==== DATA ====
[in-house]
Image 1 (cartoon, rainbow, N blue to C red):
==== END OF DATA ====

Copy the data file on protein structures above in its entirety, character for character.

[in-house]
Image 1 (cartoon, rainbow, N blue to C red):